October 19, 2011

Sprouted Lentils

As a child, my parents co-owned a small sprout business based in Montana and only recently have I revisited the culinary practice of sprouting seeds. Germinating seeds into sprouts for consumption, either raw or cooked, is most commonly known as sprouting. Sprouting has a long history of use among humans, recorded by Chinese physicians thousands of years ago; sprouting continues to be a popular culinary tool in present day societies. To sprout any seed, two basic steps need to be followed including soaking the seed in water for a period of time and draining the seed thus exposing the sprout to oxygen required for continued growth. Seeds germinate best at temperatures around 60-75 degrees out of direct sunlight. Different seeds have different soaking and draining requirements, depending upon the dormancy of each seed. Sprouted seeds are a versatile ingredient and may be consumed raw or cooked depending upon the seed sprouted and personal preference. For more information on sprouting any number of nuts, seeds and grains, visit sprout people.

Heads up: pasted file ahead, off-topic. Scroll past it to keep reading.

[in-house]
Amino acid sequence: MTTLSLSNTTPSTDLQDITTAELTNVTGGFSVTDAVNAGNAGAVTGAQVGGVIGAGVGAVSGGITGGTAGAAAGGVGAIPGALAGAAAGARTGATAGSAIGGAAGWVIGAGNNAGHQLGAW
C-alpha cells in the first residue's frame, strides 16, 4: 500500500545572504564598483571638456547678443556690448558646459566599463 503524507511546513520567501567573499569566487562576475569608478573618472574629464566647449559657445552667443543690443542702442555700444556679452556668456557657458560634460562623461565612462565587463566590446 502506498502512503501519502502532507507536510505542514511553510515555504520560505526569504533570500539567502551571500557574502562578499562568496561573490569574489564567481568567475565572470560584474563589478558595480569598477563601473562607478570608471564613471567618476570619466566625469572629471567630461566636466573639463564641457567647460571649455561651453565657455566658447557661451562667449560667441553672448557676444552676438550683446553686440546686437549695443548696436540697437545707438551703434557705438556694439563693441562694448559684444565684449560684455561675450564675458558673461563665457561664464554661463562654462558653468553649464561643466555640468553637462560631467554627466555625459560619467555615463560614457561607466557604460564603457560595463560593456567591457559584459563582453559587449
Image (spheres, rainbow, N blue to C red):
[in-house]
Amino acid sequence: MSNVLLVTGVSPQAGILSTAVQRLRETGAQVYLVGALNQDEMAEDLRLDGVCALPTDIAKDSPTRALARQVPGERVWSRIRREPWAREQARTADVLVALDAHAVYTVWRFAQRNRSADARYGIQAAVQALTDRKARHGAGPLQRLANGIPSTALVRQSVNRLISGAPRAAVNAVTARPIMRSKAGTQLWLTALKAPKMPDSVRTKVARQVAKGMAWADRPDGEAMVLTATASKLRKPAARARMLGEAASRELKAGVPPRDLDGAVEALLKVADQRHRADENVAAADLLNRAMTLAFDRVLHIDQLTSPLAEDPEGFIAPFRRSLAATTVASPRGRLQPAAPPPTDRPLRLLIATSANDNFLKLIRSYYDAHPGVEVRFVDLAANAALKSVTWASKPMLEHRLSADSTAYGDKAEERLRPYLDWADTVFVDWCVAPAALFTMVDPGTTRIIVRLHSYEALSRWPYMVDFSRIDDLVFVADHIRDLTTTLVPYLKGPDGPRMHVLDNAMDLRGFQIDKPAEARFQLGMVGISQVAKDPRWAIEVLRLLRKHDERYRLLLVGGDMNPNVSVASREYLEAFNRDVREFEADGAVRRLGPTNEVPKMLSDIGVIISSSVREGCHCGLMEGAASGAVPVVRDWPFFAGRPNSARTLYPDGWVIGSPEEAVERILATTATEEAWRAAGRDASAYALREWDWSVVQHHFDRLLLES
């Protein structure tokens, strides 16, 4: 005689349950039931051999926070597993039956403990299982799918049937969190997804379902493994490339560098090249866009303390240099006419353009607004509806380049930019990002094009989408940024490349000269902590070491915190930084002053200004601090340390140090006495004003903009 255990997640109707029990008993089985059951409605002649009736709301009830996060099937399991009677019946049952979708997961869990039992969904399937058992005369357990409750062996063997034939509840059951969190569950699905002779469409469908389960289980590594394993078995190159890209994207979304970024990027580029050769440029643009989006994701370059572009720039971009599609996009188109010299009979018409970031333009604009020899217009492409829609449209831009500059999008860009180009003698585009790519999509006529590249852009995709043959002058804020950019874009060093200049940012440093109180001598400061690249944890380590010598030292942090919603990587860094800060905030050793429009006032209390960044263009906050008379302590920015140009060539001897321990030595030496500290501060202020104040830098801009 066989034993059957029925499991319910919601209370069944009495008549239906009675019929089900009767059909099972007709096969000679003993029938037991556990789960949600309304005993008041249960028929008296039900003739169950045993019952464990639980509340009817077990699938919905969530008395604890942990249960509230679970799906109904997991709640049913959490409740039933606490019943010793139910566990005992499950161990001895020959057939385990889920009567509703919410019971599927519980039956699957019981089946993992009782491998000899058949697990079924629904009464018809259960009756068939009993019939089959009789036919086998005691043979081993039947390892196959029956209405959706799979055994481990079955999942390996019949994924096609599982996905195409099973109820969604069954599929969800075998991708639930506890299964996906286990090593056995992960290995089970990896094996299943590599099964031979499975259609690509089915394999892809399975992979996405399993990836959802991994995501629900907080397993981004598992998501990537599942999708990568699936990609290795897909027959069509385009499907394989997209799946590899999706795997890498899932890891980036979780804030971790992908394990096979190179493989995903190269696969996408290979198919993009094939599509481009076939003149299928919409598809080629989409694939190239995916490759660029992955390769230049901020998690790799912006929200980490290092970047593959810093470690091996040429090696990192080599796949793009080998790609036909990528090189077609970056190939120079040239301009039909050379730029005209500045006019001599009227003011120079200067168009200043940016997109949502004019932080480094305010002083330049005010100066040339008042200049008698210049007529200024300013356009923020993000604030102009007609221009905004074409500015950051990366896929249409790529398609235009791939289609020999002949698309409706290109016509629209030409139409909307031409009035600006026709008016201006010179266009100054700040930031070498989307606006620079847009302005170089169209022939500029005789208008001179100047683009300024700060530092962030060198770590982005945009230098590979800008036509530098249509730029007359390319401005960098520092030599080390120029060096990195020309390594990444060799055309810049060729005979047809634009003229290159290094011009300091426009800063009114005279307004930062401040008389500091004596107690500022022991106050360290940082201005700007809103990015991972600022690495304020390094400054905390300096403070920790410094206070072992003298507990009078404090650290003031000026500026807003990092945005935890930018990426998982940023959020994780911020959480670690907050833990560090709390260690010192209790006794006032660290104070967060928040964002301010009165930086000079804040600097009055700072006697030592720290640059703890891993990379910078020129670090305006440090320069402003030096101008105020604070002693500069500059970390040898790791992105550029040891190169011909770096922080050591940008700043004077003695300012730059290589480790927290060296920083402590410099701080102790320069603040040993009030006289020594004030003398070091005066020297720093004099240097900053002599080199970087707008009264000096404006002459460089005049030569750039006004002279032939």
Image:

½ c lentils


1 quart glass jar

cheese cloth

rubber band

1. Place the lentils in the quart glass jar. Add about 3 c water. Cover the opening of the container with cheesecloth and secure with a rubber band. Keep the container at room temperature out of direct sunlight. Soak the lentil for 8-10 hours.

2. Leaving the cheesecloth and rubber band intact, drain the lentils, thoroughly rinse them and drain again. Place the drained lentils at an upside down angle, to allow proper and thorough drainage (e.g. on an angled dish rack). Keep the upside down container at room temperature and out of direct sunlight for 24 hours, allowing the lentils to sprout.

3. Drained and mostly dry sprouted lentils may be kept in the refrigerator for 5-7 days.

Makes about 1 c sprouted lentils


Post a Comment